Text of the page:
2 October 2012

Tanzania: Free Breast, Cervical Cancer Screening for Arusha Women

Arusha — INCIDENCES of cervical cancer in Tanzania currently stand at 40.6 per every 100,000 women and the situation is further complicated by high prevalence of HIV in the country.

The Arusha District Commissioner, Mr John Mongella, stated here that cervical cancer infections are numbered at 60 in every 100,000 women in Africa, according to the World Health Organization's figures.

He was speaking during the inauguration of a campaign to conduct free breast and cervical cancer screening for women of child bearing ages (15-50) in Arusha Region, an exercise which is being coordinated by the Arusha-based East, Central and Southern Africa's Health Community.

Mr Mongella explained that about 40,000 people are detected with different kind of cancers every year and 30,000 of these die for lack of proper treatment or late detection of the disease. He warned that the WHO projection estimates that by 2020 there will be 16 million new cases of cancers world-wide and 70 per cent of them are to occur in developing countries.

The Arusha Regional Commissioner, Mr Magessa Mulongo, pointed out that there are a number of cancers that can be treated once the victims get early medical attention. He praised the ECSA-Health Community for introducing free screening for local women here.

Mr Mulongo observed during the campaign that lack of awareness, late detection and scarcity of facilities in Tanzania are the main causes of prevailing high death rates, as most patients go to hospitals at the last stage of the disease.

The RC's speech was read on his behalf by the Regional Medical Officer, Dr Frida Mokiti, who also warned the people of Arusha against some of their lifestyles, especially their food and drink intakes that have been found to be major causes of various diseases, including cancer.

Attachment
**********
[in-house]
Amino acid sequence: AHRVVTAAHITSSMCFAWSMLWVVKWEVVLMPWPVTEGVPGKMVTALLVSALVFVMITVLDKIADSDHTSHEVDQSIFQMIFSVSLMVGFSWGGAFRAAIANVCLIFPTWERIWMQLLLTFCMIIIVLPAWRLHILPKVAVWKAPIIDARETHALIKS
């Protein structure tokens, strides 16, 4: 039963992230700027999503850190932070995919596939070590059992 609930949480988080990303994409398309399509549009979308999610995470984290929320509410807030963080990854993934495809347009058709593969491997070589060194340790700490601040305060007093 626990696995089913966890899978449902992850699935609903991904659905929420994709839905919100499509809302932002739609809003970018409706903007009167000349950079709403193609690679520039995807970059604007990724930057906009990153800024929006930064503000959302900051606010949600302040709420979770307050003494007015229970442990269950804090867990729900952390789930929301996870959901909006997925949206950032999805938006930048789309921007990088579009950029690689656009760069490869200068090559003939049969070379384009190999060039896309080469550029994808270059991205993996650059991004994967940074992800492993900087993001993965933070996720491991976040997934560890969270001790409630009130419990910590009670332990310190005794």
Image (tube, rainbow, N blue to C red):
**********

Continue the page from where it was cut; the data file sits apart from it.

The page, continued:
"Over processed and or factory made foods are harmful to health and may lead to cancers but some modern lifestyles, including irresponsible sexual indulgences, early marriages or numerous partners can also cause cervical cancers. The East, Central and Southern Africa Health Community which operates from Njiro in Arusha is currently conducting a week-long free screening for breast and cervical cancer to all women of child bearing age, an exercise which runs in sync with awareness training on such diseases.

The Director General for the Arusha-based ECSA Health Community, Dr Josephine Kibaru-Mbae, stated that the exercise will be conducted here every year, in line with the breast and cervical cancer awareness campaigns that are usually observed worldwide every tenth month of the year.

"The annual screenings are going to be part of our responsibilities to help local communities maintain good health," said Dr Kibaru Mbae, adding that she hopes that many other organizations, institutions and even individuals will be joining them to offer these services in future.

"As you know, October is globally regarded as special month for cancer awareness globally and we at ECSA intend to observe this through conducting free cancer screening for all women of Arusha, who will be interested to find out about their health status," said Dr Kibaru-Mbae.

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